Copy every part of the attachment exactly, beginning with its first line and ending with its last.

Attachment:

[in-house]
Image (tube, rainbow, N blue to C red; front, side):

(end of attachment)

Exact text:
[in-house]
Image (tube, rainbow, N blue to C red; front, side):